Language of Flowers The language of flowers, sometimes called floriography, is a means of cryptological communication through the use or arrangement of flowers. Meaning has been attributed to flowers for thousands of years, and some form of floriography has been practiced in traditional cultures throughout Europe, Asia, and the Middle East. Plants and flowers are used as symbols in the Hebrew Bible — particularly of love and lovers in the Song of Songs,[1] as an emblem for the Israelite people[2] and for the coming Messiah[3] — and of Jesus Christ in the New Testament.[4] In Western Culture, William Shakespeare ascribed emblematic meanings to flowers, especially in Hamlet, Prince of Denmark. Interest in floriography soared in Victorian England and in the United States during the 19th century. History[edit] Floriography was popularized in France about 1810–1850, while in Britain it was popular during the Victorian age (roughly 1820–1880), and in the United States about 1830–1850. Meanings[edit] See also[edit]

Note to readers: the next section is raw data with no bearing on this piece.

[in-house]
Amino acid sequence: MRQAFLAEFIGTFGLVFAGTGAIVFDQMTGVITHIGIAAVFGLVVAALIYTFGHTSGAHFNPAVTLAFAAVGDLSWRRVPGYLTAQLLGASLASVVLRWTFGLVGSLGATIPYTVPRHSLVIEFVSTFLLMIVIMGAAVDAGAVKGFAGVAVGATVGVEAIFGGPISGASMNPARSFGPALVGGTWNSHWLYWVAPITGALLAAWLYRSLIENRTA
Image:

Related: